Happy New Year — and welcome to the new decade! We hope that you had a joyous holiday season surrounded by friends and family.
If you want to stash away more money for retirement in 2020, the Internal Revenue Service (IRS) recently announced that the contribution limits for some popular retirement accounts have increased.
Also experiencing a change for 2020 are the IRS tax rate tables and standard deductions.
Let’s take a look at the retirement account changes first.
The gig economy continues to expand. Workers, who are freelancers or independent contractors, now number roughly 57 million, which is about half of the entire working population.
Gig workers need to understand their responsibility to the Internal Revenue Service. Without employers to withhold taxes from their paychecks, gig workers must calculate their own payments to the IRS.
Compared to past joint tax return filing with their deceased spouse, a surviving spouse may land in a higher marginal tax bracket – referred to as the “widow’s penalty.” Unfortunately, the Tax Cuts and Jobs Act (TCJA) has made the widow’s penalty more severe in many instances.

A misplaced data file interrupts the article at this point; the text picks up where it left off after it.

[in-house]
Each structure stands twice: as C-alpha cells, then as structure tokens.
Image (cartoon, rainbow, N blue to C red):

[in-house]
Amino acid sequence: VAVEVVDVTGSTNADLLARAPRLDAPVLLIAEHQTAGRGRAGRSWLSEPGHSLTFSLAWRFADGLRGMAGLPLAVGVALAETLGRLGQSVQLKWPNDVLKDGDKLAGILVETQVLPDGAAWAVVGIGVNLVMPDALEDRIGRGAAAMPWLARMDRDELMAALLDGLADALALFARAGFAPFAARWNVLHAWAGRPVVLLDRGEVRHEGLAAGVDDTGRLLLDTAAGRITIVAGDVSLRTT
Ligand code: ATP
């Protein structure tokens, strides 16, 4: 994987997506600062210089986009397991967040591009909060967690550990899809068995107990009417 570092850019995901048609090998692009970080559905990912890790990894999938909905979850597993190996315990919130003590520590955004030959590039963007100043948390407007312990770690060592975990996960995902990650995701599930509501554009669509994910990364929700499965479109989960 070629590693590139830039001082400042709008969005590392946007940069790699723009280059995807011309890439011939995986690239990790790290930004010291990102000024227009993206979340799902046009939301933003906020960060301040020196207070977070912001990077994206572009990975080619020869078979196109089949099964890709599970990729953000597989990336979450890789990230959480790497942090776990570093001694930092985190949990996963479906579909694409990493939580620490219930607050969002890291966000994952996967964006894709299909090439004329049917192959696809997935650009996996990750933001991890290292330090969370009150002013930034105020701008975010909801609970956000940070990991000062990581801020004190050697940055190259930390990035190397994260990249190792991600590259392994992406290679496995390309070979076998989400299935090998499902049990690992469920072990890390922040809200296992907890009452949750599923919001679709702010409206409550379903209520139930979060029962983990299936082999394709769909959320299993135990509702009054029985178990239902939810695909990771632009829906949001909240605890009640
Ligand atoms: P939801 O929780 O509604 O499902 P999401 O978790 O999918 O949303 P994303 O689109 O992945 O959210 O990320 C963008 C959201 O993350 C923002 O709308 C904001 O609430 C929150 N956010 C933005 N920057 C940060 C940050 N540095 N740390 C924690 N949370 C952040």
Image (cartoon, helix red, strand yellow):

With this in mind, clients, even in their 70s or 80s, may consider greater traditional IRA withdrawals or Roth IRA conversions as a means to take advantage of preferable marginal tax rates. It is important to act while both spouses are alive.
If you are enrolled in a high deductible health plan (HDHP) through work or on your own, funding a Health Savings Account (HSA) could be considered a top priority
Tax season is officially over, but the Internal Revenue Service may not be finished with you.
There is always the chance that the IRS will audit your returns.
As a result of the Tax Cuts and Jobs Act (TCJA) of 2017, many taxpayers may not itemize deductions in the future. Therefore, the benefit of deductions of smaller charitable donations you may have had in the past, could end up being eliminated under the new rules with the doubling of the standard deduction and removal of many other itemized deductions.
After prolonged negotiations between both houses of Congress, significant federal tax reform was signed into law by the President in the final week of 2017. What began as a Republican‐led blueprint for a simplified tax system in late 2016 became a 500+ page bill in its final form. The new tax laws will affect the vast majority of individuals and businesses through revised tax rates, as well as some noteworthy changes to deductions.
If you’d like to lower your tax burden for 2017, there is still time to pull this off, but you have to hurry. Here is a list of six actions that you can take before January 1, 2018.
Many donors don’t fully appreciate the potential tax savings that can come from charitable giving. Not only is the timing of the gift important, but how the gift is made (whether in cash or securities) also has an impact on the possible tax benefits.